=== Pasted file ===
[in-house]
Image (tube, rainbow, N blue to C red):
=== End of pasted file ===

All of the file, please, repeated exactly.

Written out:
[in-house]
Image (tube, rainbow, N blue to C red):